Good news on e-cigarettes...and bad news too.

Related articles

Vaping Not Smoking

ACSH's Dr. Gilbert Ross and videographer director Ana Simovska spent a most productive morning session yesterday with four officials associated with the NYC Council. Also participating in the educational session that seemed to go on and on, as the legislative assistants soaked up much e-cigarette-related data, was Spike Babaian, devoted vaping exponent and co-proprietor of Manhattan's first retail e-cigarette shop, Vape New York.

The ACSH "delegates" provided the City folks with copies of our publications on harm reduction, "Helping Smokers Quit," both the booklet version and the glossy foldout, "What's the Story?". We pointed out that we had presented much the same information to the FDA's advisory committee on modified risk tobacco products, most recently this past April 30th.

Dr. Ross said, "I firmly believe that henceforth, these folks, one of whom is the Counsel to the NYC Council, will be a resource for their colleagues and help to counter the nonsense and ignorance which often leads to counterproductive legislation and regulation." A video made right afterwards will be posted to accompany our upcoming project on "E-Cigarettes."

The timing of a potentially-important "Viewpoint" piece in this week's JAMA could not have been better, it seemed, given our dialogue yesterday with the NYC Council folks. Entitled The Regulatory Challenge of Electronic Cigarettes, the piece was co-written by UCSF's Dr. Neal Benowitz, who resigned from the FDA's tobacco advisory committee, and Maciej L. Goniewicz, PhD, of the Roswell Park Cancer Institute.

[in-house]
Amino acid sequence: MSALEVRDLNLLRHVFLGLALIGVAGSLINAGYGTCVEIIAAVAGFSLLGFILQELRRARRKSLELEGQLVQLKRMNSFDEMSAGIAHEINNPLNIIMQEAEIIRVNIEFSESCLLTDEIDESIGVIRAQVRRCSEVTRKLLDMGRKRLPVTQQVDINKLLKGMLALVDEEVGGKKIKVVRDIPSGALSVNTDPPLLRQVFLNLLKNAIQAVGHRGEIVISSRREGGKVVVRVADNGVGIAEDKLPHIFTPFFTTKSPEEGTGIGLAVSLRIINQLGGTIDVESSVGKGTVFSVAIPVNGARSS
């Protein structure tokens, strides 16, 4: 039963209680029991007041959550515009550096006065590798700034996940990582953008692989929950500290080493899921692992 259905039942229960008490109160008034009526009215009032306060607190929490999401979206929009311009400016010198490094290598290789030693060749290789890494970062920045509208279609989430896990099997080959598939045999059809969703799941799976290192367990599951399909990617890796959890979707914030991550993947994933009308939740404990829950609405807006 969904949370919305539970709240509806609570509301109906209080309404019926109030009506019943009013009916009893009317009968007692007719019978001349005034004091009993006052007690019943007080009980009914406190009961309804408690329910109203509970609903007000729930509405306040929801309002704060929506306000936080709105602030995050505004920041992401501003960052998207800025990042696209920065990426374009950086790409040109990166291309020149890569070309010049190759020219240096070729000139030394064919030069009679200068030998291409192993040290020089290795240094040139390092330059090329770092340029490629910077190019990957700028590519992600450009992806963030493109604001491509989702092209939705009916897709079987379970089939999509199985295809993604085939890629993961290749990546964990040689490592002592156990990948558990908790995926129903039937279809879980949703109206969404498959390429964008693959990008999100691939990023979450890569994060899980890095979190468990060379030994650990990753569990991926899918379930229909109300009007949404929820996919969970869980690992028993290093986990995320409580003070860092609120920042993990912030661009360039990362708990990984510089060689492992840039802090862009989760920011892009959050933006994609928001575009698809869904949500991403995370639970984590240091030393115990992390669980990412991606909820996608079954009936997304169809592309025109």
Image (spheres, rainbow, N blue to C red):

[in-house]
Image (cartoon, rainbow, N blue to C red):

Unfortunately (but unsurprisingly), the authors hewed closely to the "party line," summoning the usual suspect bugaboos: enticing children, traces of contaminants, dangers of second-hand vapor, etc., etc. The worst of their many misleading statements were of this ilk: "Industry has been aggressively marketing e-cigarettes with claims of health benefit compared with smoking tobacco cigarettes, for reducing and quitting smoking....The net result of industry marketing and consumer advocacy has been a substantial increase in the use of the product."

Dr. Ross again: "What 'industry,' I wonder? The authors themselves noted that there are about 250 e-cigarette companies, yet I am unaware of an active industry group with uniform goals. And if any of these firms were caught actually marketing (aggressively or subtly) the devices as 'health beneficial' or 'reducing or quitting smoking,' they would be in violation of the Federal tobacco control law, as they would be if they marketed to minors. I saw no examples of this referenced in this propaganda piece posing as science par for the course, unfortunately."